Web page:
In the heart of the mountainous area of eastern Madagascar lies the Ankeniheny-Zahamena Corridor (or CAZ), a rainforest wedged between the country’s central highlands and the Indian Ocean coast. Due to its rugged terrain the area is sparsely populated and somewhat isolated, with an absence of major infrastructure. The Mai-Ndombe project in DRC is located in the region of the same name, and is also characterized by its lack of infrastructure, its remoteness from major urban centres and trading ports. In short, these two regions are certainly experiencing deforestation, but at a rate that is lower than in many other regions of the two countries.   graphics_reddSources : Seyller et al. (2016)

However, when project leaders established the baseline scenario, particularly high deforestation rates were used. According to the guidelines of the certification standards, the baseline scenario was obtained by defining a “reference area” in which deforestation was assumed to follow a similar dynamic to that of the project area. However, in both projects, the reference areas chosen were more populated and less isolated, and in the case of Mai-Ndombe, it had different climatic and landscape characteristics. In these areas, deforestation is greater than in the project areas, as shown in the two graphs below:


“Realistic scenarios? Deforestation in the project area versus deforestation in the reference area”. Source: Seyller et al. (2016)

By choosing a reference scenario that “predicted the worst”, the CAZ project was thus able to claim to have reduced deforestation by half compared to the baseline scenario, even before the realization of any activity. While the CAZ project promises to reduce deforestation by 80%, a study has shown that previous efforts in the island have achieved, at best, a deforestation reduction of a more modest 20%. These artificial performances enable project leaders to “promise the best”, thus allowing them to limit their actions on the ground for several reasons including the avoidance of conflicts with local populations, while nevertheless ensuring that their emission reduction targets are met.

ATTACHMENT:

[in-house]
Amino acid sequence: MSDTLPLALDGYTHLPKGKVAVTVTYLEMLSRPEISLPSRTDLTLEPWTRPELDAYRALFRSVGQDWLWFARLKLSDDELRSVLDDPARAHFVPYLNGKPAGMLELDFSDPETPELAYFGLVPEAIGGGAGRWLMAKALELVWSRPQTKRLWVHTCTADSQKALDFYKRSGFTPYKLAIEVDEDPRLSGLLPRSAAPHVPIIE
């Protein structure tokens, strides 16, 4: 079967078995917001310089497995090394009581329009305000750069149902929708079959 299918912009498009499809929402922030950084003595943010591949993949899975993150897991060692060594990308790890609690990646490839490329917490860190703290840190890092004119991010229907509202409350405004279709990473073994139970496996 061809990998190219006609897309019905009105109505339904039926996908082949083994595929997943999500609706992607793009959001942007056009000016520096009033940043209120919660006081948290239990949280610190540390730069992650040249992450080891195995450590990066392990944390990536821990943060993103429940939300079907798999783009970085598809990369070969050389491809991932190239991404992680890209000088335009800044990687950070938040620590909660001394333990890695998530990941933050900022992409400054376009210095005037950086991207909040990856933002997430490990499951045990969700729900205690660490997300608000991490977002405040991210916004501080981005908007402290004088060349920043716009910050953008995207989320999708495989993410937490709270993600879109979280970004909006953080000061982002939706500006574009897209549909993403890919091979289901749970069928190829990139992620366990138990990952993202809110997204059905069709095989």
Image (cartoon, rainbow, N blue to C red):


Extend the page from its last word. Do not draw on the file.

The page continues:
Why REDD+ certification is not always a guarantee of quality?

We believe that there are at least two reasons why certifiers have validated these REDD+ projects despite glaring inconsistencies. Firstly, the economic certification model is based on the number of certified credits. It is therefore in their interest to avoid being overly restrictive towards the project promoters so as not to deter future clients. Secondly, in contexts of political instability and fragile states, as is the case for Madagascar and the DRC, accurately predicting data for issues as complex as deforestation is a virtually impossible task. To base an international compensation system on a performance principle is intellectually attractive. However, when performance is difficult to measure and there are conflicts of interest between actors, the system can become perverse and lead to the development of a “virtual economy” based on hypothetical performance. The purpose here is not to accuse institutions or project leaders, nor to question their intentions. Rather, the flaw lies in the principle of compensation based on reference scenarios that are unverifiable by definition, which undermines the credibility of implemented action. An alternative would be to expand the definition of performance to include indicators other than carbon credits, which would reflect in particular the efforts of forest countries to reduce drivers of deforestation (land security, investment in agricultural transitions that consume less land area, improved monitoring of protected areas, etc.). This broader idea of performance could be a good basis for discussion to integrate issues related to deforestation in the national contributions submitted ahead of the COP21 (INDCs) and their monitoring, particularly in countries where the fight against deforestation is an important part of their climate action. For more information, see Seyller, C. et al. (2016). Does Private Certification of REDD+ Projects Guarantee their Environmental Integrity?, International Forestry Review.